How to: Allow Any User To Shutdown a Linux Server

by on February 23, 2006 · 10 comments· LAST UPDATED December 28, 2009

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You need to use the sudo command to grant a permission to other users to shutdown your server. The sudo command allows a permitted user to execute a command as the superuser or another user, as specified in the /etc/sudoers file. Login as a root user and type the visudo command to edit the sudoers file.

Use Configuration

In this example, allow user rocky to shutdown computer (first login as a root user):
$ su -
# visudo

Append the following configuration to a file:
rocky server.example.com=/sbin/halt /sbin/reboot
Save file and close the file. Now, rocky user can halt server by typing the following command:
$ sudo /sbin/halt
Output:

Password:

Please note that at password prompt rocky need to type his own password.

Another option is add users to /etc/shutdown.allow access control file. shutdown command can see if an authorized user is logged in on one of the virtual consoles. If shutdown command is called with the -a argument , it checks to see if the file /etc/shutdown.allow is present. It then compares the login names in that file with the list of people that are logged in on a virtual console only if one of those authorized users or root is logged in, it will proceed. Otherwise, it will write the message

shutdown: no authorized users logged in

First login as a root user:
# echo rocky >> /etc/shutdown.allow
Alternatively, use a text editor such as vi to add a username to etc/shutdown.allow file (max 32 names are allowed at a time):
# vi /etc/shutdown.allow
Finally, rocky can login and type the following command:
rocky@server1 $ /sbin/shutdown -a -h 0

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{ 10 comments… read them below or add one }

1 we3cares September 15, 2008 at 4:15 am

Very Great Article….. Like it so Much..

Reply

2 Philippe December 26, 2009 at 3:11 pm

Nice topic.

But in :
# touch /etc/shutdown.allow
# echo”username” >> /etc/shutdown.allow

The first line is useless. (touch)

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3 nixCraft December 28, 2009 at 2:53 pm

Once again thanks for pointing it out :)

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4 Philippe December 28, 2009 at 4:50 pm

Yep – but then you typed it too quickly

echo”rokcy” >> /etc/shutdown.allow

should read

echo “rocky” >> /etc/shutdown.allow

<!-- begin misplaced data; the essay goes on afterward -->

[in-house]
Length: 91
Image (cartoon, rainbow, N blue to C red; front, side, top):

and by the way, these quotes are useless here. I’ve never seen a user login that would require quoting, BTW.

echo rocky >> /etc/shutdown.allow

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5 nixCraft December 28, 2009 at 5:15 pm

My bad :(

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6 Philippe December 28, 2009 at 5:20 pm

Well I share the easy part.

But again,
You still mispelled it – that’s r-o-c-k-y
not r-o—k—c—-y

breeze deeply. ;-))

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7 nixCraft December 28, 2009 at 5:47 pm

I’m embarrassed to say that it took me forever to realize a typo :(

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8 Parag July 29, 2010 at 4:26 am

That’s great info. It works and thanks a lot.

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9 mclien June 4, 2012 at 9:03 am

at least in debian systems the shutdoen.allow only works for the alt+ctrl+del way of it.
still the user isn’t allowed to invoke /sbin/shutdown…

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10 benjamin rualthanzauva September 8, 2013 at 4:46 pm

Looks this topics needs a revisit todat. My distro (SL 6.4) has user verion of poweroff, halt, reboot provide by usermode package. I can shutdown, reboot as a normal user (from the command line as well)

$ which {poweroff,reboot,halt}
/usr/bin/poweroff
/usr/bin/reboot
/usr/bin/halt
rpm -qf $(which poweroff reboot halt)
usermode-1.102-3.el6.x86_64
usermode-1.102-3.el6.x86_64
usermode-1.102-3.el6.x86_64

As root

# which {poweroff,reboot,halt}
/sbin/poweroff
/sbin/reboot
/sbin/halt

# rpm -qf $(which poweroff reboot halt)
upstart-0.6.5-12.el6.x86_64
upstart-0.6.5-12.el6.x86_64
upstart-0.6.5-12.el6.x86_64

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